This book looks at the organisation, training and performance of the British cavalry between the battle of Waterloo and the first year of the First World War. Between these two major events, the period was dominated by minor colonial wars, with only the Crimean War and the Boer War seeing the British cavalry come up against well equipped and well organised opponents.
It must be said that the cavalry does not impress for much of this period. Wellington was rarely impressed with the performance of his cavalry, describing it rather accurately as too prone to go ‘galloping at everything’. Unfortunately many cavalry officers wouldn’t have seen this as a criticism, so the same problems recur for much of the period, most famously in the Crimea. Even here the disastrous charge of the Light Brigade was remembered with more pride by its survivors and the cavalry establishment, making any sensible reform hard to implement.
We start with an introduction to the organisation of the cavalry, the type of horses it used, training, weapons and even the riding style in use (which turns out to have a big impact on its battlefield performance). This section begins to make it clear why the cavalry suffered for much of the period, with each regiment able to choose many key elements of its training, many horses chosen because they looked impressive rather than with any idea of their suitability for the battlefield, and a belief that the individual skills required for the hunt were what was needed for the far more structured world of the cavalry. Sometimes a picture really does say more than a thousand words. My personal favour here was the band of one of the British cavalry regiments, which included a double bass, surely one of the least suitable instruments for a mounted band! The picture begins to change towards the end of the period, and the cavalry was probably at its best during the Boer War and in 1914, even though the battlefield had turned against it.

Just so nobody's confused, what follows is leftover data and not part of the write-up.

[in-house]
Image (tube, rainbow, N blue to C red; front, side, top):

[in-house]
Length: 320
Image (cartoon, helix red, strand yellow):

The bulk of the book is taken up with eyewitness accounts of the exploits of the British cavalry during this period, using letters home written by the soldiers. Many of these were published in contemporary newspapers, and they have an immediacy that later memoirs don’t always match. The letters are woven into the narrative, with the relevant sections extracted, so we don’t get bogged down in repetition or too much detail. The individual correspondents give us a fascinating view of the life of the cavalryman, their experience in battle, and their own conclusions about what was going on.
1 - Horse and Rider
2 - The Muddy Fields of Waterloo
3 - Colonial Adventures
4 - The Crimean War
5 - The Indian Mutiny
6 - With the Imperial Yeomanry in South Africa
7 - Horsemen in the Trenches
Author: Anthony Dawson
Publisher: Pen & Sword Military